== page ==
A hemiplegic migraine attack may be as short as one hour in duration, but may last for several days. Normally, the paralysis or weakness that features in a hemiplegic migraine attack relieves within 24 hours.
Seek medical attention urgently if a hemiplegic migraine attack is suspected. Due to its rarity, it is especially important to accurately diagnose and begin treating hemiplegic migraine headaches as soon as possible, ruling out other conditions with similar symptoms, such as epilepsy.
Although hemiplegic migraine headache attacks can be a particularly distressing type of migraine headache to experience or witness, they are not life-threatening. Treatment usually focuses on discerning the right course of preventative medication for each person, according to their medical history, the frequency of their headaches and their overall health.
Migraine with brainstem aura (MBA)
A migraine with brainstem aura, formerly known as a basilar-type migraine, is a rare subtype of migraine accompanied by an aura. A migraine with brainstem aura is different from a migraine with a regular aura in that the headache pain affects the back of the head, on both sides. MBA headaches are believed to originate in the brainstem, at the base of the brain, above the spinal cord.
- Visual disturbances, which affect both eyes
- Difficulty hearing and/or ringing in the ears (tinnitus)
- Difficulty speaking
- Sensations of tingling, particularly in the hands and feet
- Loss of balance
- Fainting and/or loss of consciousness
A person affected by *migraine with brainstem aura may find their symptoms distressing, particularly the first time. This may cause secondary symptoms to develop, including anxiety and hyperventilation. It is important to seek medical attention promptly the first time an MBA is suspected ‒ particularly if secondary symptoms are present ‒ in order to ensure a correct diagnosis. MBA may be confused with other conditions with similar symptoms including:
- Transient ischemic attack
Treatment for MBA focuses on reducing the symptoms during a headache episode, often with the use of nonsteroidal anti-inflammatory drugs (NSAIDs) and/or antiemetic medications, which are used to relieve nausea and vomiting. People affected by frequent attacks may also be prescribed preventive medication.
Good to know: People affected by migraine with brainstem aura may also experience other kinds of migraine headache attacks, most commonly migraine with typical aura (MTA). If this is the case, a person will receive two separate diagnoses, e.g. MBA and MTA.
A vestibular migraine is believed to be caused by widening of the blood vessels in the brain, including the vestibular artery, which affects the balance control system of the inner ear. For this reason, the symptoms of this kind of migraine are mainly related to balance and hearing. During an attack of vestibular migraine, people may experience:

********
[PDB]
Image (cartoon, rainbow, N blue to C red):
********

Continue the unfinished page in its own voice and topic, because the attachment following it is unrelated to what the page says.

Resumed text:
- Vertigo; this is the primary symptom of vestibular migraines
- Dizziness and difficulty balancing
- A sensation of pressure in the head and/or ear
- Pain or nausea when moving the head, e.g. to look up or around
- Difficulty hearing low, soft sounds
- Tinnitus; ringing in the ears
- Neck pain
People who are affected by vestibular migraines do not always get a headache during an attack. However, a vestibular migraine attack may be accompanied by additional symptoms including:
- Partial vision loss
- Hazy vision
- Visual disturbances such as blotches
Treatment involves leading a healthy lifestyle, minimising contact with triggers and, for some people, taking medications to reduce the frequency and duration of headache attacks.
Causes of migraine headache
The exact biological cause of migraine headaches is not yet fully understood, but they are believed to result from abnormal brain activity, which disrupts the normal function of nerve signals, blood vessels and chemicals in the brain.
Triggers of migraine headache
Keeping a diary of the circumstances surrounding migraine attacks is recommended for all affected people in order to identify their potential triggers. These can then be avoided, with a view to reducing the frequency of headaches. Triggers vary considerably between people, and somebody may grow out of particular triggers or develop new ones. Some commonly recognised triggers of migraine headaches include:
- Environmental triggers: Loud noises, bright lights, flashing lights, strong smells like paint thinner, extreme hot or cold temperatures, poorly ventilated spaces.
- Physical triggers: Fatigue, poor posture, lack of sleep, sudden and strenuous exercise, head and neck tension, low blood sugar.
- Dietary triggers: Caffeine, alcohol, dehydration, irregular meal times, certain food additives such as aspartame and monosodium glutamate (MSG), chocolate, aged cheeses, salty foods and citrus fruits.
- Emotional triggers: Stress, shock, anxiety, low mood, tension.
- Hormonal triggers: Menstruation, pregnancy, menopause, the combined contraceptive pill, hormone replacement therapy.